Watch this film, and try to understand how and why these events unfold. You will be richer for the experience. But you may, like me, question whether the modern world has improved our lives? I was lucky enough to travel thru Mali in 1974, and saw the simple life. How times have changed.

1 out of 1 members found this review helpful.

Dignity under oppression. - Timbuktu review by TF

Spoiler Alert
10/12/2016

This film's subject is Life under the oppressive Boko Harlan in the Malian city of Timbuktu, and some of it was filmed in nearby Mauritania.

In parts it is deliberately slow. i am used to much more 'speed' in film viewing. A few words on the oppressive regime. Their excesses only emphasise the dignity of the people they oppress. There are language barriers between the regime and the oppressed, so each little would be warlord has his driver/ translator. I am not an expert on Islam, but the source language in Islam is Arabic, and the local people who already are Muslim, have some Arabic. Like the string of beads the film portrays a number of examples of every day oppression. "How" says a local women "am I supposed to wear gloves at your insistence, I sell fish".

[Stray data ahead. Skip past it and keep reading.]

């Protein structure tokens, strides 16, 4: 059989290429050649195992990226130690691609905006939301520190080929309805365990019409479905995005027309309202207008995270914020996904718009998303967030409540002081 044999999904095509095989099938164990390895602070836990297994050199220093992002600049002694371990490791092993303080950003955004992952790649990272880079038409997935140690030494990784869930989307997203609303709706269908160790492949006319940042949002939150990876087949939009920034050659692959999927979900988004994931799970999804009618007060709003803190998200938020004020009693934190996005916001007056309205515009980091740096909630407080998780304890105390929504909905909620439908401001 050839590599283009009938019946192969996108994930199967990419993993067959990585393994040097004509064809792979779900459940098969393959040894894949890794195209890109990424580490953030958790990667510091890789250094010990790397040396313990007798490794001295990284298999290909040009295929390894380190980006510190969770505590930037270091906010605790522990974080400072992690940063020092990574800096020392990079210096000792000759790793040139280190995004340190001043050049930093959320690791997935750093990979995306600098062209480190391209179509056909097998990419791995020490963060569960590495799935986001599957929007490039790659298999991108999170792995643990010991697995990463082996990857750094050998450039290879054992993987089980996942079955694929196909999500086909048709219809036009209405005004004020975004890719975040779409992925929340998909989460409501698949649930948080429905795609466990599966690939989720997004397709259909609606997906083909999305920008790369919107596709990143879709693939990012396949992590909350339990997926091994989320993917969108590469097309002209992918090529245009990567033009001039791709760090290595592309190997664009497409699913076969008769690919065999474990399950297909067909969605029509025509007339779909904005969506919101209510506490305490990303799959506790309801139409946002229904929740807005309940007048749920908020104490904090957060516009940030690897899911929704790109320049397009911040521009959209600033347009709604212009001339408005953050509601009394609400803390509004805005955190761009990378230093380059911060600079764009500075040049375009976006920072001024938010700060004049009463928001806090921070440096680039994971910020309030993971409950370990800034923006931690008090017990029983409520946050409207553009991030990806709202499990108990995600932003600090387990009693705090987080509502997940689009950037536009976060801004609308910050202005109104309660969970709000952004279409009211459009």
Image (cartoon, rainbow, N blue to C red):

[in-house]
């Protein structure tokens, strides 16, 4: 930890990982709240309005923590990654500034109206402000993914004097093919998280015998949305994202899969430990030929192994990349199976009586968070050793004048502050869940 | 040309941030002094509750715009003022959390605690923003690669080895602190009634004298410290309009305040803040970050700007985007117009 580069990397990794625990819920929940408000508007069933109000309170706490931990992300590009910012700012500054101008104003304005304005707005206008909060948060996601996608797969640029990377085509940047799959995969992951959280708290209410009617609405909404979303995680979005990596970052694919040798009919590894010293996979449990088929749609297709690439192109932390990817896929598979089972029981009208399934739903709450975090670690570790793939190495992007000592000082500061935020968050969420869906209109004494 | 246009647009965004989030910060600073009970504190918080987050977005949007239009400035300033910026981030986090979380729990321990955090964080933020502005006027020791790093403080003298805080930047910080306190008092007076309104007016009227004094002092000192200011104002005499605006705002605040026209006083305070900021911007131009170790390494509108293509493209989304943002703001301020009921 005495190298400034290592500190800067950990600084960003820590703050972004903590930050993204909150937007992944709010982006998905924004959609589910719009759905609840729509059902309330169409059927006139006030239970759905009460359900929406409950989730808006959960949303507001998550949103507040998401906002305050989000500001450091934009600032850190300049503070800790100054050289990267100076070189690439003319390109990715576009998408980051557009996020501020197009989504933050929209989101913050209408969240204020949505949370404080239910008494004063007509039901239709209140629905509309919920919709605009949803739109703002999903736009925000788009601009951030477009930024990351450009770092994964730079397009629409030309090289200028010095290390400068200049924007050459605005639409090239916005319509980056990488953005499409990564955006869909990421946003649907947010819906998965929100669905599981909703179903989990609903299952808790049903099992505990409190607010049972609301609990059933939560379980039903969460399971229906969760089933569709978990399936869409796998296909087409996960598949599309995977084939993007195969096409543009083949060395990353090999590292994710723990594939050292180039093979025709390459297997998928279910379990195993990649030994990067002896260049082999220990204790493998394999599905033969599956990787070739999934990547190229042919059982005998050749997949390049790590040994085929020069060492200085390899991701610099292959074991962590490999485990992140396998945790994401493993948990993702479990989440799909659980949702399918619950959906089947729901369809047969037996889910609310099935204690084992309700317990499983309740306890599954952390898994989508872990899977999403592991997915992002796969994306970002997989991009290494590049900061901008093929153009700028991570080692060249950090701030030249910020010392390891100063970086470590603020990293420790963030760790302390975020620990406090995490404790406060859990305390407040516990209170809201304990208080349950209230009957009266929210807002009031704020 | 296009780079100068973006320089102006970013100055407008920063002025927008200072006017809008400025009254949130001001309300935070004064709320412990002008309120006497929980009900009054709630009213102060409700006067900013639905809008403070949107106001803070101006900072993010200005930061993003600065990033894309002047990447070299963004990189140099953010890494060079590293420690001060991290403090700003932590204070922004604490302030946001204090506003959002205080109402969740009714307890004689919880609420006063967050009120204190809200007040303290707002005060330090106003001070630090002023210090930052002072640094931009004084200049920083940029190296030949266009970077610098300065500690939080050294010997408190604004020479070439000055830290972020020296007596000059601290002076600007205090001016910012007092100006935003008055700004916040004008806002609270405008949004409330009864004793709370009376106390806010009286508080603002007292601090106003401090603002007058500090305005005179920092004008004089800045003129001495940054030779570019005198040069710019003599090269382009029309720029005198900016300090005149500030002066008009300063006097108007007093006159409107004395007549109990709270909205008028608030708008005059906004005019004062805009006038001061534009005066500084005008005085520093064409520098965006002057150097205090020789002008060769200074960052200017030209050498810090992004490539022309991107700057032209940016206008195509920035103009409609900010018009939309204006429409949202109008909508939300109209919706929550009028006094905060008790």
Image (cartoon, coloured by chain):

Worth watching, but some of the scenes are harrowing.

1 out of 1 members found this review helpful.

A fine film. - Timbuktu review by RS

Spoiler Alert
14/07/2017

A film that shows proud and rebellious people, it is made with beautiful images and music, and will leave you with emotions that hurt; through anger and joy.

1 out of 1 members found this review helpful.

Critic review

Timbuktu (aka Le chagrin des oiseaux) review by Adrijan Arsovski - Cinema Paradiso

Timbuktu is a film of visual mastery that tells a nuanced story of contemporary rural people trying to live their lives while shackled by absurd laws of ancient times. Its neutral stance and artistic measure calls for both admiration for the community living in such harsh conditions and frustration for the barbaric conduct of their totalitarian occupiers.